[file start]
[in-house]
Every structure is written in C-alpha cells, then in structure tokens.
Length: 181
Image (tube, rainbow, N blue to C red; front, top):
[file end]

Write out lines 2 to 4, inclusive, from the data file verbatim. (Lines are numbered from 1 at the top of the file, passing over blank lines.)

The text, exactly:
Every structure is written in C-alpha cells, then in structure tokens.
Length: 181
Image (tube, rainbow, N blue to C red; front, top):